Creative Constellations – Pale Blue Dot Collective

For Creative Constellations we asked a number of artists from our past, present and future programmes to share their thoughts on what it is like to work with Fermynwoods Contemporary Art. We’re sharing these conversations to celebrate these relationships, to inform future working practices and to demystify the experience for other artists.

Existing as a project funded organisation often necessitates new relationships and as an artist led organisation we can be excited by new themes and new lines of enquiry. However, we recognise the value of our deep roots and have established a rhythmical and intentional process of developing ongoing relationships with artists to work in new capacities across multiple programmes, nurturing practices in a mutually beneficent manner whilst growing the Fermynwoods family.

The next in our series sees insight from Pale Blue Dot Collective.

Floating in Space, Pale Blue Dot Collective, 2021

Can you provide a brief overview of your artistic practice?

Pale Blue Dot Collective are Louise Beer and John Hooper. We explore the cosmic significance of life on Earth. Framing the impact of the climate emergency through the eyes of evolution and the immense time period it has taken for each form of life to arrive at this point, we create a space for discussion around the damage we are collectively participating in and its universal impact. We use installation, film, photography and sound in our collaborative and independent practices.

What were your impressions of Fermynwoods Contemporary Art before working with us?

We thought Fermynwoods was a really clever and interesting organisation that commissioned artworks that explore our relationship to the environment, whilst being original and accessible. We thought it was a gallery in a forest but were happily surprised to find out that it changes location.

How did you first become involved with Fermynwoods?

We applied for two commissions unsuccessfully but then Fermynwoods Director James Steventon reached out to us, which we were very happy about!

How did Fermynwoods support you in the first instance?

Fermynwoods gave us an amazing opportunity to develop a commission that was open and flexible in an incredible 13th century church, as part of their Love + Light programme.

During the research and development phase of this commission we undertook a short residency in Fermyn Woods itself, which included delivering a series of workshops with students excluded from mainstream education.

Of Immeasurable Consequence, Pale Blue Dot Collective, 2024

How has Fermynwoods contributed to your artistic growth and development since then?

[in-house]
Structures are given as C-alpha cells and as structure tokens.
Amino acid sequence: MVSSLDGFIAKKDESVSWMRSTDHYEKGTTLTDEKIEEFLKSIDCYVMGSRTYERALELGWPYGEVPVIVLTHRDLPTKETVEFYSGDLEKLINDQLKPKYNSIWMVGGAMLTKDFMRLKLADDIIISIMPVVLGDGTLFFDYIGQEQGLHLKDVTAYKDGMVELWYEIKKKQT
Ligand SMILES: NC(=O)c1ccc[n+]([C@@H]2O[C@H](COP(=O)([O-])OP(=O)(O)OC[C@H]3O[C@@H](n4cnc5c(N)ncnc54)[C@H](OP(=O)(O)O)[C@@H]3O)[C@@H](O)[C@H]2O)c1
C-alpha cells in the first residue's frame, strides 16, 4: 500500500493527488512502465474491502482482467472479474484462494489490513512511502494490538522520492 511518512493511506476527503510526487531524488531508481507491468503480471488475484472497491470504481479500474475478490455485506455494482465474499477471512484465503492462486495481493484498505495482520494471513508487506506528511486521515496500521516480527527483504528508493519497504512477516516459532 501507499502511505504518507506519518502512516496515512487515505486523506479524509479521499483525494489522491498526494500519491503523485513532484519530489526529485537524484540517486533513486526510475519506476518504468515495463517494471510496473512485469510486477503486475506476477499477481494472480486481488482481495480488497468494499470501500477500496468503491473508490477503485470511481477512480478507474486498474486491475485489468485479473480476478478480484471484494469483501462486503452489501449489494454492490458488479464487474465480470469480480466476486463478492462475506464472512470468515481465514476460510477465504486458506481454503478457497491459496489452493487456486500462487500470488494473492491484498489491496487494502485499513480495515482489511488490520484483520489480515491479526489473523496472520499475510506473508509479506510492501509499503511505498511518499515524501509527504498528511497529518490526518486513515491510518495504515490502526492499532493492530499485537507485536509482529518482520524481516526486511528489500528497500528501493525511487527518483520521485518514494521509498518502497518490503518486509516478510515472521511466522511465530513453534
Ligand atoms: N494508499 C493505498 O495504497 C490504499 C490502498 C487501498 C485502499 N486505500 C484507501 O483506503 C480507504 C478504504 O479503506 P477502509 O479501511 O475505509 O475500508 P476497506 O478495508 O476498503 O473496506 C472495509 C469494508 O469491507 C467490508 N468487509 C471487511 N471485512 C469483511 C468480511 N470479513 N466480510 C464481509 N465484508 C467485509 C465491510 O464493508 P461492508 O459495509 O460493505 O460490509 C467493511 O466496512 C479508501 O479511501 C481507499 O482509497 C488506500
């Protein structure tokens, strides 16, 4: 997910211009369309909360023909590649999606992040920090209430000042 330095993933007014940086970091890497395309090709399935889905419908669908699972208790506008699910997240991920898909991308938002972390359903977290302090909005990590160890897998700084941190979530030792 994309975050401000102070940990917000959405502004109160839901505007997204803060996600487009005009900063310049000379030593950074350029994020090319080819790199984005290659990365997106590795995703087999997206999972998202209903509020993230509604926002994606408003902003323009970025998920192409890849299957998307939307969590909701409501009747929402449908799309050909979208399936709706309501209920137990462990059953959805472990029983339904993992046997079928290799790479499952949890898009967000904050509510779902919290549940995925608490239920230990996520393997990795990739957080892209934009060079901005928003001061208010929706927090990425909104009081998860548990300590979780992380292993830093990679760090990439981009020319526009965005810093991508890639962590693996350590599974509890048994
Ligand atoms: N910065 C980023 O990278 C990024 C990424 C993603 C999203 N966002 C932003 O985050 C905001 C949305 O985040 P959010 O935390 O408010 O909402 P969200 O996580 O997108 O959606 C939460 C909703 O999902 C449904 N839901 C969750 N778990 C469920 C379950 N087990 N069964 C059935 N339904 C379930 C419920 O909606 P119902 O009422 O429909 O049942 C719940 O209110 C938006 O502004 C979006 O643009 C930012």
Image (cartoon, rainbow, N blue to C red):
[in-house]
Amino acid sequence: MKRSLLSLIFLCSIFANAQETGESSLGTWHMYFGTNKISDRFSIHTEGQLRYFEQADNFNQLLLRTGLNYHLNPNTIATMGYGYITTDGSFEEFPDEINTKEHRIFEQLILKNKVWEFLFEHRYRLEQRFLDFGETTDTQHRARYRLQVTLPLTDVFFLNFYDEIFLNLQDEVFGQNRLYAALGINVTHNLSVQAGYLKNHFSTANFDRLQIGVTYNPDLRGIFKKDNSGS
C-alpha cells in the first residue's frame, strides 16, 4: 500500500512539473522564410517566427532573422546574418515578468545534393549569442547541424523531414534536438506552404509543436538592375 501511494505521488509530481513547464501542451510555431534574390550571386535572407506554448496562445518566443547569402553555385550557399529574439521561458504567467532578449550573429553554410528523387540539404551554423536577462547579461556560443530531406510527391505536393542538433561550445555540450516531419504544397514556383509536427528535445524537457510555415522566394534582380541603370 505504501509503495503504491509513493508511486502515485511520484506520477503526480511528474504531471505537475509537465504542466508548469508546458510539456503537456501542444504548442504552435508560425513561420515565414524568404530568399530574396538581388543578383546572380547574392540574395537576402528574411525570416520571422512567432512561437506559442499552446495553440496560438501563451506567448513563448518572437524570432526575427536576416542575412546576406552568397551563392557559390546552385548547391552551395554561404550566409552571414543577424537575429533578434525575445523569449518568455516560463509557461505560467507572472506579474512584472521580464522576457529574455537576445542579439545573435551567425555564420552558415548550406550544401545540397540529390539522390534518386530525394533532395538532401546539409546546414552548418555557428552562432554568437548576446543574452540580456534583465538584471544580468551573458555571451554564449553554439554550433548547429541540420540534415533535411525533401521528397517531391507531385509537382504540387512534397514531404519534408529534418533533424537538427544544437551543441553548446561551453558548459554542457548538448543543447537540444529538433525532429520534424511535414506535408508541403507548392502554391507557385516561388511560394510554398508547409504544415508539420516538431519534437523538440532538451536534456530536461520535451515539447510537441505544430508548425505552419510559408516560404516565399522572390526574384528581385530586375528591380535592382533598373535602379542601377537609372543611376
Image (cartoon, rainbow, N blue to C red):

It was wonderful to have the opportunity to work on our collaborative ideas with a budget, and see what we could do at scale, resulting in our Of Immeasurable Consequence installation at All Saints Church in Aldwincle.

It was definitely challenging to work on a big scale but in a good way, and we feel that our practice has reached another level because of the commission. We have more confidence in our abilities.

We also loved working with the children and seeing into their worlds, and integrating it into our perspective of the environment.

Were there any specific skills or knowledge that you gained through working with the organisation?

We gained experience of working in a workshop setting inside a school and also in very small groups with students from The CE Academy. We also got to make the biggest scale installation we have ever made – which was such an amazing opportunity that will help us immensely in the future.

Workshop with Aldwincle Trinity C of E Primary School, 2024

How else have you worked with Fermynwoods since the original commission?

Alongside our original commission we also worked with students from Grange Academy in Bedfordshire to explore young people’s thoughts on the environment and climate change, with the aim of creating a site-specific sound sculpture for permanent installation in the school’s sensory garden.

Students undertook a variety of slow looking and listening activities over the workshop days including drawing, collage, photography and working with a variety of microphones and sound equipment to listen to nature and the sounds of the school site – including their wonderful array of animals.

We also developed a special version of Of Immeasurable Consequence for the Fermynwoods Podcast.

What advice would you give to other artists considering working with Fermynwoods?

Do it! We absolutely loved Fermynwoods’ commitment to the environment and to the work.

How would you like to work with Fermynwoods in future?

Residencies, commissions, workshops, collaborations. Anything!